Landlords struggled to come to terms with the changes in the land market as a result of the loss in population. There was large-scale migration after the Black Death as people took advantage of opportunities to move to better land or pursue trade in the towns. Most landlords were forced to offer more attractive deals to ensure tenants farmed their lands.

A new middle class of men (almost always men) emerged. These were people who were not born into the landed gentry but were able to make enough surplus wealth to purchase plots of land. Recent research has shown that property ownership opened up to market speculation.

The dramatic population change wrought by the Black Death also led to an explosion in social mobility. Government attempts to restrict these developments followed and generated tension and resentment.

Meanwhile, England was still at war with France and required large armies for its campaigns overseas. This had to be paid for, and in England led to more taxes on a diminished population. The parliament of a young Richard II came up with the innovative idea of punitive poll taxes in 1377, 1379 and 1380, leading directly to social unrest in the form of the Peasants’ Revolt of 1381.

What Can The Black Death Tell Us About The Global Economic Consequences Of A Pandemic? Peasants revolting in 1381. Miniature by Jean de Wavrin

This revolt, the largest ever seen in England, came as a direct consequence of the recurring outbreaks of plague and government attempts to tighten control over the economy and pursue its international ambitions. The rebels claimed that they were too severely oppressed, that their lords “treated them as beasts”.

Lessons for today

While the plague that caused the Black Death was very different to the coronavirus that is spreading today, there are some important lessons here for future economic growth. First, governments must take great care to manage the economic fallout. Maintaining the status quo for vested interests can spark unrest and political volatility.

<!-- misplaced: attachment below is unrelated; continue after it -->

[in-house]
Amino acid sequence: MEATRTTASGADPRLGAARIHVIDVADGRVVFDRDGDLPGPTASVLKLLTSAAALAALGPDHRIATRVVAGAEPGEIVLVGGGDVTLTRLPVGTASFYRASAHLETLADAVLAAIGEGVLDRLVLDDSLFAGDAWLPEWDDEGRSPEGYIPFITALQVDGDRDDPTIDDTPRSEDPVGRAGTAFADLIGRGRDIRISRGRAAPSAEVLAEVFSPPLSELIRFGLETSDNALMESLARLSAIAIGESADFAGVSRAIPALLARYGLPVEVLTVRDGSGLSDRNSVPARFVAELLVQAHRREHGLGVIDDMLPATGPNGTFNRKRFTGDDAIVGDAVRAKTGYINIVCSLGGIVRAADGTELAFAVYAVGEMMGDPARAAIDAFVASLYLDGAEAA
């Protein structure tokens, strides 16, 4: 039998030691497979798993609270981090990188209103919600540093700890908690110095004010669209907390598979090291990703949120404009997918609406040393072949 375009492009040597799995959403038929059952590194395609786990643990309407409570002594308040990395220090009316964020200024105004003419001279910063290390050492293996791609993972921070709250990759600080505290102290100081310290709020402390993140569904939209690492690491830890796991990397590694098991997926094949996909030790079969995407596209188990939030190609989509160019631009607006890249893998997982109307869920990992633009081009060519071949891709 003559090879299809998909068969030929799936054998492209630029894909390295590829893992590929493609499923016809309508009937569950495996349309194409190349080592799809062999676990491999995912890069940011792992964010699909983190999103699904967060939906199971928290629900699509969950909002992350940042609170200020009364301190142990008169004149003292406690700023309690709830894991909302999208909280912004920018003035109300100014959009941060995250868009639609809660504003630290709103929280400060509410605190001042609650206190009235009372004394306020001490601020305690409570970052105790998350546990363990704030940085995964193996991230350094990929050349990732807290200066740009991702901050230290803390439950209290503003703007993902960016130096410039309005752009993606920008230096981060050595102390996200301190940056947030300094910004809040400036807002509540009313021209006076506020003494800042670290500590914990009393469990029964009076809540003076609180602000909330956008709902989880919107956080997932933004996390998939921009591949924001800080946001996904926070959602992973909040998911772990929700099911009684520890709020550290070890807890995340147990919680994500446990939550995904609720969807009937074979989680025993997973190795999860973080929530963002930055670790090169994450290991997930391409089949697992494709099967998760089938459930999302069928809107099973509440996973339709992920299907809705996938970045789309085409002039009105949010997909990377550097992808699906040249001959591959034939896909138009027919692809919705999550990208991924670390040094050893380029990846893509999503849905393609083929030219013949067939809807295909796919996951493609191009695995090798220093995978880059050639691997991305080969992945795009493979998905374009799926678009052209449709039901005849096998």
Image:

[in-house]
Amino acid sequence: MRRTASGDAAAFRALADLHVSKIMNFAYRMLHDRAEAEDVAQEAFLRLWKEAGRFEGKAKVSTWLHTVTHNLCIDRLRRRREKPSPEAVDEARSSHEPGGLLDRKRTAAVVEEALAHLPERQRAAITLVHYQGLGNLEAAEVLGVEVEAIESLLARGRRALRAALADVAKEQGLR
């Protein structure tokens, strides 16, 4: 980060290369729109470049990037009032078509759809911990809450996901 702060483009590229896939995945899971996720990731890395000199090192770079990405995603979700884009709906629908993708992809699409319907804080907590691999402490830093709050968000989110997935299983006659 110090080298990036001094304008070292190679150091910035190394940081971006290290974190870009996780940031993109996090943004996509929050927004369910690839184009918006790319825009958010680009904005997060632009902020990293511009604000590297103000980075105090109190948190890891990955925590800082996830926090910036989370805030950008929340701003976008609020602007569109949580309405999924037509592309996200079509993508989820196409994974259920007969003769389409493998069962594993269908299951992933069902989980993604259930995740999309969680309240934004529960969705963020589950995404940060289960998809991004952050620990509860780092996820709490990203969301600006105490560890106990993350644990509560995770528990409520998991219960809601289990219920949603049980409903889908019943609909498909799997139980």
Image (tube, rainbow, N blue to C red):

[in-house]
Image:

Second, restricting freedom of movement can cause a violent reaction. How far will our modern, mobile society consent to quarantine, even when it is for the greater good?

Plus, we should not underestimate the knee-jerk, psychological reaction. The Black Death saw an increase in xenophobic and antisemitic attacks. Fear and suspicion of non-natives changed trading patterns.

There will be winners and losers economically as the current public health emergency plays out. In the context of the Black Death, elites attempted to entrench their power, but population change in the long term forced some rebalancing to the benefit of labourers, both in terms of wages and mobility and in opening up the market for land (the major source of wealth at the time) to new investors. Population decline also encouraged immigration, albeit to take up low skilled or low-paid jobs. All are lessons that reinforce the need for measured, carefully researched responses from current governments.The Conversation

About The Author

Adrian R. Bell, Chair in the History of Finance and Research Dean, Prosperity and Resilience, Henley Business School, University of Reading; Andrew Prescott, Professor of Digital Humanities, University of Glasgow, and Helen Lacey, Lecturer in Late Medieval History, University of Oxford

This article is republished from The Conversation under a Creative Commons license. Read the original article.